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abstract = "Background: The use of cardiac magnetic resonance imaging is increasing, but its role in the diagnostic work-up following ischemic stroke has received limited study. We aimed to explore the added yield of cardiac magnetic resonance imaging to identify cardio-aortic sources not detected by transesophageal echocardiography among patients with cryptogenic stroke. Methods: A retrospective single-center cohort study was performed from 01 January 2009 to 01 March 2013. Consecutive patients who had both a stroke protocol cardiac magnetic resonance imaging and a transesophageal echocardiography preformed during a single hospitalization were included. All cardiac magnetic resonance imaging studies underwent independent, blinded review by two investigators. We applied the causative classification system for ischemic stroke to all patients, first blinded to cardiac magnetic resonance imaging results; we then reapplied the causative classification system using cardiac magnetic resonance imaging. Standard statistical tests to evaluate stroke subtype reclassification rates were used. Results: Ninety-three patients were included in the final analysis; 68.8{\%} were classified as cryptogenic stroke after initial diagnostic evaluation. Among patients with cryptogenic stroke, five (7.8{\%}) were reclassified due to cardiac magnetic resonance imaging findings: one was reclassified as “cardio-aortic embolism evident” due to the presence of a patent foramen ovale and focal cardiac infarct and four were reclassified as “cardio-aortic embolism possible” due to mitral valve thickening (n = 1) or hypertensive cardiomyopathy (n = 3). Overall, findings on cardiac magnetic resonance imaging reduced the percentage of patients with cryptogenic stroke by slightly more than 1{\%}. Conclusion: Our stroke subtype reclassification rate after the addition of cardiac magnetic resonance imaging results to a diagnostic work-up which includes transesophageal echocardiography was very low. Prospective studies evaluating the role of cardiac magnetic resonance imaging and transesophageal echocardiography among patients with cryptogenic stroke should be considered.",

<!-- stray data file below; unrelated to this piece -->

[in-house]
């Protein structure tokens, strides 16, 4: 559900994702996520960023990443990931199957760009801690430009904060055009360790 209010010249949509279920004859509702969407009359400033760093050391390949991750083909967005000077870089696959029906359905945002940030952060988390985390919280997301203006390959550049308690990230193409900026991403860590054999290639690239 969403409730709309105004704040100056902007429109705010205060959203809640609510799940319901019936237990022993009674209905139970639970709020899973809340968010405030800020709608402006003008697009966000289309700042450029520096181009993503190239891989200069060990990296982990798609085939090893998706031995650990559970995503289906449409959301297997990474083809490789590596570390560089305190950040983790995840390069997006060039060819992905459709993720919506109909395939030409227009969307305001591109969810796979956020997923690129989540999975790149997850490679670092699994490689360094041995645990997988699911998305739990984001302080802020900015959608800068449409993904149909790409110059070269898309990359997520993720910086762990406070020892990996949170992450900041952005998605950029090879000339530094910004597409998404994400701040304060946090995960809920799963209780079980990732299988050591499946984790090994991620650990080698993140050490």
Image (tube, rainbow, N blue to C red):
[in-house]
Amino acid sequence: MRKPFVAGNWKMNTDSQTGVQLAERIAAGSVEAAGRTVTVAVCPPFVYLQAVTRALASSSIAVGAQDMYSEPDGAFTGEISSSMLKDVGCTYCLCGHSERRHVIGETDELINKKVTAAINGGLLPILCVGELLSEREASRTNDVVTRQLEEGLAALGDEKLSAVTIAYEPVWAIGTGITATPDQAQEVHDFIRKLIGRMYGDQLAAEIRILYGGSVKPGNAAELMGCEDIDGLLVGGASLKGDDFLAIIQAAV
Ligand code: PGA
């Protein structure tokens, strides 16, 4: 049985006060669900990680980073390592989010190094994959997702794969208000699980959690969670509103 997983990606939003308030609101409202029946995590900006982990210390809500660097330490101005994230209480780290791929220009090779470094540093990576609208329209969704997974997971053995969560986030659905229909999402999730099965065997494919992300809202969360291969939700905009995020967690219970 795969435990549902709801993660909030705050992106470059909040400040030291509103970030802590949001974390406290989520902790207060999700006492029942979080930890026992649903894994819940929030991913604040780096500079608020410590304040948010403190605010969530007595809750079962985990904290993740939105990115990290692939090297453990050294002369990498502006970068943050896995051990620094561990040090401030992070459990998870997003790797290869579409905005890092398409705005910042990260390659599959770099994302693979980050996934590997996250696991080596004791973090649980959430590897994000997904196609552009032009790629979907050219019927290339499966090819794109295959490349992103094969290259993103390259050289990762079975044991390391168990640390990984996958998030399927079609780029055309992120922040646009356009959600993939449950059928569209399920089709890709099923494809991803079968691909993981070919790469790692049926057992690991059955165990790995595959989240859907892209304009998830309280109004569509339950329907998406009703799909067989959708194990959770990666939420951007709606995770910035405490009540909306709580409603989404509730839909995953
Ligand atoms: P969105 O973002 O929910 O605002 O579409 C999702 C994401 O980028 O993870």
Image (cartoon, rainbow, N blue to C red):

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AU - Sondag, Matthew